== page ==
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spaceffm
I thought about it a lot.
Do U think it would be possible that Earths gravity catches someday an asteroid or something similar and would keep it as 2nd moon?

What precondition would be absolutly necessary?
WQould it be possible at all due to both gravitational fields of earth and moon?

Wouldn't it be fantastic to have a 2nd small moon?

Thx for sharing your thoughts in this matter...
djellison
We have one called Cruithne I believe - something like that

Doug
BruceMoomaw
It would certainly be possible, thanks to three-body gravitational effects -- that is, the gravitational effect of the Sun slows down the rate at which an asteroid passes the Earth (during their separate orbits around the Sun) to the point that it can drift into orbit around Earth without the need for any disturbing impact or friction. But this requires very specific conditions; the zone in which it can take place is seriously limited.

Still, it does happen -- Jupiter, whose three-body capture zone is much wider, regularly captures comets as temporary satellites in highly elliptical orbits and and then releases them at a later apoapsis. (In the case of Shoemaker-Levy 3, one such comet actually crashed into Jupiter at its periapsis, although that happens only about once a millennium.) And I seem to remember reading somewhere calculations that one small near-Earth asteroid may have been briefly captured a few centuries ago. The possibility cannot quite be ruled out yet that our own Moon was captured that way, rather than being created by the debris from a glancing impact -- Harrison Schmitt, at any rate, is still holding out for that alternative theory. But the odds, to repeat, are very long.
BruceMoomaw
Cruithne, however, isn't a "moon", but just an asteroid locked into a 1:1 orbital-period resonance with Earth ( http://burtleburtle.net/bob/physics/cruithne.html ). Also, it's Shoemaker-Levy 9 -- not "3" -- that hit Jupiter.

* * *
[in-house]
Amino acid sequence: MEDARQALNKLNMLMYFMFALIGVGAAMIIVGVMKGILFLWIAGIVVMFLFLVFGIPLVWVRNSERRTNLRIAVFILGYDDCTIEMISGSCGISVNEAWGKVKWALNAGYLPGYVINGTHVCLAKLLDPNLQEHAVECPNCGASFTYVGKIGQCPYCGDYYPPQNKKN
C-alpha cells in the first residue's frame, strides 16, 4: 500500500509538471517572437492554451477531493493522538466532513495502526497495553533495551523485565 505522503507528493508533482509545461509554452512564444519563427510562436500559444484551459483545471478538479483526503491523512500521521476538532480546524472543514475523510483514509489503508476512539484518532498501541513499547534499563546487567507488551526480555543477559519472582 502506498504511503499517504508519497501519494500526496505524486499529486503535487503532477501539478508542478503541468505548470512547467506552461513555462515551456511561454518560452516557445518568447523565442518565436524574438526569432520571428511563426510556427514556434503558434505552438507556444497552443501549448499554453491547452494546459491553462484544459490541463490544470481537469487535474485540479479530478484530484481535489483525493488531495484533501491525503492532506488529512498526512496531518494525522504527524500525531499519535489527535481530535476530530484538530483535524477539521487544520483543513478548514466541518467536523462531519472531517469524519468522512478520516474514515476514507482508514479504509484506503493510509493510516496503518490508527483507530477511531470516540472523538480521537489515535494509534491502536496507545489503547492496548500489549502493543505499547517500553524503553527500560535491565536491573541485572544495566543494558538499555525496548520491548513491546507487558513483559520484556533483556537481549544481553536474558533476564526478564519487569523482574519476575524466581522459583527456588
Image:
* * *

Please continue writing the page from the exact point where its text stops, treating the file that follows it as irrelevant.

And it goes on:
Bob Shaw
A couple of years ago there was a brief flurry when a second 'moon' did turn up - it turned out, however, to be the S-IVB stage from the Apollo 12 Saturn V, which had entered Solar orbit and been recaptured within the Earth-Moon system (not on a permanent basis, however). In true scientific detective-novel fashion, it was discovered to be the spent spacecraft booster as a result of spectral analysis, which revealed a surface coating of, er, Titanium Oxide - as in white paint!

Bob Shaw
tasp
Toro!

Funny little asteroid that was in resonance with Venus, and now is in a resonance with Earth.

Yet another way objects can have relationships in our amazing solar system.
silylene
Two other asteroids, 1998 UP1 and 2000 PH5 are also locked into resonance with Earth, with orbits not unlike Cruithne.
mike
Some might say that Earth is Cruithne's moon.
ljk4-1
QUOTE (Bob Shaw @ Nov 14 2005, 05:43 PM)
A couple of years ago there was a brief flurry when a second 'moon' did turn up - it turned out, however, to be the S-IVB stage from the Apollo 12 Saturn V, which had entered Solar orbit and been recaptured within the Earth-Moon system (not on a permanent basis, however). In true scientific detective-novel fashion, it was discovered to be the spent spacecraft booster as a result of spectral analysis, which revealed a surface coating of, er, Titanium Oxide - as in white paint!

Bob Shaw
*


Don't forget "Planetoid" 1991 VG:

http://www.centauri-dreams.org/?p=80
blobrana
QUOTE (ljk4-1 @ Nov 15 2005, 10:27 PM)
Don't forget "Planetoid" 1991 VG:


Hum,
1991 VG was the rocket body...

Anyway don`t forget 2003 YN107



and 2002 AA29
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